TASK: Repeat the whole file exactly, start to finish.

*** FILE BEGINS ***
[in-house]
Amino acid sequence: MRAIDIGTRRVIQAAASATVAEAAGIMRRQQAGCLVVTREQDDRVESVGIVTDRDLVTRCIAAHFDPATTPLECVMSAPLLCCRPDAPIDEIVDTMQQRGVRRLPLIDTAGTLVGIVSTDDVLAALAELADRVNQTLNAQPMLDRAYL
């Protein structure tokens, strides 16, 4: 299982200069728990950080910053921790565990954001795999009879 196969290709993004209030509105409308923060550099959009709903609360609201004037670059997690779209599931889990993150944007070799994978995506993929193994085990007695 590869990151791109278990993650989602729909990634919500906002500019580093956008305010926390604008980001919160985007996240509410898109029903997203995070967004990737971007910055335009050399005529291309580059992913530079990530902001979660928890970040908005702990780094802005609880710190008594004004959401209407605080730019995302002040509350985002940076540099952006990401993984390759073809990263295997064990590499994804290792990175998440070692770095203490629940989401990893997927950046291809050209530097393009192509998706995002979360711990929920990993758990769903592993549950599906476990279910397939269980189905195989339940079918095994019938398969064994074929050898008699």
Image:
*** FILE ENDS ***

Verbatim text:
[in-house]
Amino acid sequence: MRAIDIGTRRVIQAAASATVAEAAGIMRRQQAGCLVVTREQDDRVESVGIVTDRDLVTRCIAAHFDPATTPLECVMSAPLLCCRPDAPIDEIVDTMQQRGVRRLPLIDTAGTLVGIVSTDDVLAALAELADRVNQTLNAQPMLDRAYL
């Protein structure tokens, strides 16, 4: 299982200069728990950080910053921790565990954001795999009879 196969290709993004209030509105409308923060550099959009709903609360609201004037670059997690779209599931889990993150944007070799994978995506993929193994085990007695 590869990151791109278990993650989602729909990634919500906002500019580093956008305010926390604008980001919160985007996240509410898109029903997203995070967004990737971007910055335009050399005529291309580059992913530079990530902001979660928890970040908005702990780094802005609880710190008594004004959401209407605080730019995302002040509350985002940076540099952006990401993984390759073809990263295997064990590499994804290792990175998440070692770095203490629940989401990893997927950046291809050209530097393009192509998706995002979360711990929920990993758990769903592993549950599906476990279910397939269980189905195989339940079918095994019938398969064994074929050898008699």
Image: